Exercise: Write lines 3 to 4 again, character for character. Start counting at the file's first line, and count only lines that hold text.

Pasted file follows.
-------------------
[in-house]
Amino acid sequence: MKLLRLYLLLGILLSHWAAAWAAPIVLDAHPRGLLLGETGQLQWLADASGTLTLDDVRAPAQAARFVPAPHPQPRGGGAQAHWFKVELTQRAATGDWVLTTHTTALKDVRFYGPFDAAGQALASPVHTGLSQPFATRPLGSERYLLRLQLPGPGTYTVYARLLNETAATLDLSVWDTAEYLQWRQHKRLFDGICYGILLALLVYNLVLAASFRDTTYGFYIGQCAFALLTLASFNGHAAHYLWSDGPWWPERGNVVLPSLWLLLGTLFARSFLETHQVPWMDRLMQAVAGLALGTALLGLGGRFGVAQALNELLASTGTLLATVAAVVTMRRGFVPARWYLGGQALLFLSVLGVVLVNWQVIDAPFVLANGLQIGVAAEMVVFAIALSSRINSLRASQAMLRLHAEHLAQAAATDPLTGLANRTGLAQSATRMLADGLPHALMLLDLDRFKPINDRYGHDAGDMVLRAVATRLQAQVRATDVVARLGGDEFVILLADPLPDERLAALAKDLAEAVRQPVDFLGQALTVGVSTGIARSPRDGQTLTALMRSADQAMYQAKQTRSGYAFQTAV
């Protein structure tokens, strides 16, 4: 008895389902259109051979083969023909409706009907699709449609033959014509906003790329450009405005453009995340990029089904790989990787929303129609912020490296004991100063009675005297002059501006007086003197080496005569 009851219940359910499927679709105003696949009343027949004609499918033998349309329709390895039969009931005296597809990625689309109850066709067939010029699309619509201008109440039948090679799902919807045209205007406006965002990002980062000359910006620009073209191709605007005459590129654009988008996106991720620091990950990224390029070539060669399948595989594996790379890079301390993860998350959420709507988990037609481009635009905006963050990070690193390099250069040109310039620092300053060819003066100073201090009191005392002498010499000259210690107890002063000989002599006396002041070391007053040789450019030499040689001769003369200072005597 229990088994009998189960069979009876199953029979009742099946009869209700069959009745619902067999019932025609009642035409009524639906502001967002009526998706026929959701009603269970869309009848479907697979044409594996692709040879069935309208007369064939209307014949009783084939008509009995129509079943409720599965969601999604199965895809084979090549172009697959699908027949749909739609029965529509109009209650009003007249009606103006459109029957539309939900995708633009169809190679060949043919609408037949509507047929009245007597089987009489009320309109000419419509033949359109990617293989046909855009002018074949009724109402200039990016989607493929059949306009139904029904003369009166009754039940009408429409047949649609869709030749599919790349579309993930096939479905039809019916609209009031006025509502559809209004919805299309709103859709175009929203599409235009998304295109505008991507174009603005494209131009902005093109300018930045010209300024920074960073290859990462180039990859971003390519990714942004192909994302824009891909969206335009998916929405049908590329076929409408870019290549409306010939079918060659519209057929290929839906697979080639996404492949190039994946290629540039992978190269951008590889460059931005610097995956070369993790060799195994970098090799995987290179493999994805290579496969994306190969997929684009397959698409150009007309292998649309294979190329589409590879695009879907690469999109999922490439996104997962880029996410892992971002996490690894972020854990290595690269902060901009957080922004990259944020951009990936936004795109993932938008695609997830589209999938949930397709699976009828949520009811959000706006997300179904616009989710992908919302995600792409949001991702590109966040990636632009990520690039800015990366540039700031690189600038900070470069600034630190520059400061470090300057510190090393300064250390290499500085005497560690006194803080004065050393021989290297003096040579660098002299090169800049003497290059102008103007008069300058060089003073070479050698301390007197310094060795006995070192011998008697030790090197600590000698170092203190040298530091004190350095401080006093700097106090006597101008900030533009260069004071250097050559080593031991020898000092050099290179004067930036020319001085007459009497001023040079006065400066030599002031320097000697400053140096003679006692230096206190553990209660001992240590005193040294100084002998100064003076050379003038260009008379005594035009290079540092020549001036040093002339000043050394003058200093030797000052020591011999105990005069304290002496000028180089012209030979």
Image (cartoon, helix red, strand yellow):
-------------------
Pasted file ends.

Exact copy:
């Protein structure tokens, strides 16, 4: 008895389902259109051979083969023909409706009907699709449609033959014509906003790329450009405005453009995340990029089904790989990787929303129609912020490296004991100063009675005297002059501006007086003197080496005569 009851219940359910499927679709105003696949009343027949004609499918033998349309329709390895039969009931005296597809990625689309109850066709067939010029699309619509201008109440039948090679799902919807045209205007406006965002990002980062000359910006620009073209191709605007005459590129654009988008996106991720620091990950990224390029070539060669399948595989594996790379890079301390993860998350959420709507988990037609481009635009905006963050990070690193390099250069040109310039620092300053060819003066100073201090009191005392002498010499000259210690107890002063000989002599006396002041070391007053040789450019030499040689001769003369200072005597 229990088994009998189960069979009876199953029979009742099946009869209700069959009745619902067999019932025609009642035409009524639906502001967002009526998706026929959701009603269970869309009848479907697979044409594996692709040879069935309208007369064939209307014949009783084939008509009995129509079943409720599965969601999604199965895809084979090549172009697959699908027949749909739609029965529509109009209650009003007249009606103006459109029957539309939900995708633009169809190679060949043919609408037949509507047929009245007597089987009489009320309109000419419509033949359109990617293989046909855009002018074949009724109402200039990016989607493929059949306009139904029904003369009166009754039940009408429409047949649609869709030749599919790349579309993930096939479905039809019916609209009031006025509502559809209004919805299309709103859709175009929203599409235009998304295109505008991507174009603005494209131009902005093109300018930045010209300024920074960073290859990462180039990859971003390519990714942004192909994302824009891909969206335009998916929405049908590329076929409408870019290549409306010939079918060659519209057929290929839906697979080639996404492949190039994946290629540039992978190269951008590889460059931005610097995956070369993790060799195994970098090799995987290179493999994805290579496969994306190969997929684009397959698409150009007309292998649309294979190329589409590879695009879907690469999109999922490439996104997962880029996410892992971002996490690894972020854990290595690269902060901009957080922004990259944020951009990936936004795109993932938008695609997830589209999938949930397709699976009828949520009811959000706006997300179904616009989710992908919302995600792409949001991702590109966040990636632009990520690039800015990366540039700031690189600038900070470069600034630190520059400061470090300057510190090393300064250390290499500085005497560690006194803080004065050393021989290297003096040579660098002299090169800049003497290059102008103007008069300058060089003073070479050698301390007197310094060795006995070192011998008697030790090197600590000698170092203190040298530091004190350095401080006093700097106090006597101008900030533009260069004071250097050559080593031991020898000092050099290179004067930036020319001085007459009497001023040079006065400066030599002031320097000697400053140096003679006692230096206190553990209660001992240590005193040294100084002998100064003076050379003038260009008379005594035009290079540092020549001036040093002339000043050394003058200093030797000052020591011999105990005069304290002496000028180089012209030979």
Image (cartoon, helix red, strand yellow):